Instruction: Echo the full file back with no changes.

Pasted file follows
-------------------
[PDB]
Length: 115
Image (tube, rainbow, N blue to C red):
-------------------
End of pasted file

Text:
[PDB]
Length: 115
Image (tube, rainbow, N blue to C red):